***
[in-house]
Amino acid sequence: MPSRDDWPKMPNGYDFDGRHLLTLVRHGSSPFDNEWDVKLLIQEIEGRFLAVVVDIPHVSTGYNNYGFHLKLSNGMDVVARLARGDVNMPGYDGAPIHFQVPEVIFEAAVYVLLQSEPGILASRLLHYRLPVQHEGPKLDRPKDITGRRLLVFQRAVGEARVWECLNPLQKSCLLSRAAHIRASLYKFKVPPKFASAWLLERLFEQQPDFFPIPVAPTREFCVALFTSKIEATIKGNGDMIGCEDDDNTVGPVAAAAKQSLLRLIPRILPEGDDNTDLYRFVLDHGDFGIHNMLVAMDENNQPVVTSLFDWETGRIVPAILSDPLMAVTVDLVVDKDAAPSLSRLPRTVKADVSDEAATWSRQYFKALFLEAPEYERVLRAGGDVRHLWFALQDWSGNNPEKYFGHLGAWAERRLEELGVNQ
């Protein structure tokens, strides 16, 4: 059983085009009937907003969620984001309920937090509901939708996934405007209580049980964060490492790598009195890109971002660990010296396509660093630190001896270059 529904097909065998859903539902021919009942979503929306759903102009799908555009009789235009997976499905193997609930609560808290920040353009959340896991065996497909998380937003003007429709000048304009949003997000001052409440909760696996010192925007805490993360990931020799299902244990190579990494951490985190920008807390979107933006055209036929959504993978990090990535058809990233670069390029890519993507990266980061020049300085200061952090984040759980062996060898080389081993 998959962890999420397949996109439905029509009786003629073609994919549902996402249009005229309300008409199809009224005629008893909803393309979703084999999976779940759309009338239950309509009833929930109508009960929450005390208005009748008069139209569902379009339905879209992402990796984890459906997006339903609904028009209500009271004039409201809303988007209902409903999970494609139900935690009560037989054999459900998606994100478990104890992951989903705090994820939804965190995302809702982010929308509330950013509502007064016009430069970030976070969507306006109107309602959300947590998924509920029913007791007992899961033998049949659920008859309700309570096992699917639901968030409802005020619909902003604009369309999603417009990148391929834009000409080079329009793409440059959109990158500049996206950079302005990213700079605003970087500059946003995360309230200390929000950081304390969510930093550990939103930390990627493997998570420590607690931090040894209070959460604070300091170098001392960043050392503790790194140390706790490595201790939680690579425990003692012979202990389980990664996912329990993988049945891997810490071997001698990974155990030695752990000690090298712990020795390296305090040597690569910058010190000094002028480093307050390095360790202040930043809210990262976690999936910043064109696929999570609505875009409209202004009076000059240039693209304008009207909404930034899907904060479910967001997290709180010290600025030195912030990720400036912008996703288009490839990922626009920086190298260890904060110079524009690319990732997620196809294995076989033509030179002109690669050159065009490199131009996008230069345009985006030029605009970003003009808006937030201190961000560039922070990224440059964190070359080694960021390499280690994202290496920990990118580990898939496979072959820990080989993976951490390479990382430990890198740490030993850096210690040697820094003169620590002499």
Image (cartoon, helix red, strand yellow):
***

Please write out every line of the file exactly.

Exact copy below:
[in-house]
Amino acid sequence: MPSRDDWPKMPNGYDFDGRHLLTLVRHGSSPFDNEWDVKLLIQEIEGRFLAVVVDIPHVSTGYNNYGFHLKLSNGMDVVARLARGDVNMPGYDGAPIHFQVPEVIFEAAVYVLLQSEPGILASRLLHYRLPVQHEGPKLDRPKDITGRRLLVFQRAVGEARVWECLNPLQKSCLLSRAAHIRASLYKFKVPPKFASAWLLERLFEQQPDFFPIPVAPTREFCVALFTSKIEATIKGNGDMIGCEDDDNTVGPVAAAAKQSLLRLIPRILPEGDDNTDLYRFVLDHGDFGIHNMLVAMDENNQPVVTSLFDWETGRIVPAILSDPLMAVTVDLVVDKDAAPSLSRLPRTVKADVSDEAATWSRQYFKALFLEAPEYERVLRAGGDVRHLWFALQDWSGNNPEKYFGHLGAWAERRLEELGVNQ
């Protein structure tokens, strides 16, 4: 059983085009009937907003969620984001309920937090509901939708996934405007209580049980964060490492790598009195890109971002660990010296396509660093630190001896270059 529904097909065998859903539902021919009942979503929306759903102009799908555009009789235009997976499905193997609930609560808290920040353009959340896991065996497909998380937003003007429709000048304009949003997000001052409440909760696996010192925007805490993360990931020799299902244990190579990494951490985190920008807390979107933006055209036929959504993978990090990535058809990233670069390029890519993507990266980061020049300085200061952090984040759980062996060898080389081993 998959962890999420397949996109439905029509009786003629073609994919549902996402249009005229309300008409199809009224005629008893909803393309979703084999999976779940759309009338239950309509009833929930109508009960929450005390208005009748008069139209569902379009339905879209992402990796984890459906997006339903609904028009209500009271004039409201809303988007209902409903999970494609139900935690009560037989054999459900998606994100478990104890992951989903705090994820939804965190995302809702982010929308509330950013509502007064016009430069970030976070969507306006109107309602959300947590998924509920029913007791007992899961033998049949659920008859309700309570096992699917639901968030409802005020619909902003604009369309999603417009990148391929834009000409080079329009793409440059959109990158500049996206950079302005990213700079605003970087500059946003995360309230200390929000950081304390969510930093550990939103930390990627493997998570420590607690931090040894209070959460604070300091170098001392960043050392503790790194140390706790490595201790939680690579425990003692012979202990389980990664996912329990993988049945891997810490071997001698990974155990030695752990000690090298712990020795390296305090040597690569910058010190000094002028480093307050390095360790202040930043809210990262976690999936910043064109696929999570609505875009409209202004009076000059240039693209304008009207909404930034899907904060479910967001997290709180010290600025030195912030990720400036912008996703288009490839990922626009920086190298260890904060110079524009690319990732997620196809294995076989033509030179002109690669050159065009490199131009996008230069345009985006030029605009970003003009808006937030201190961000560039922070990224440059964190070359080694960021390499280690994202290496920990990118580990898939496979072959820990080989993976951490390479990382430990890198740490030993850096210690040697820094003169620590002499």
Image (cartoon, helix red, strand yellow):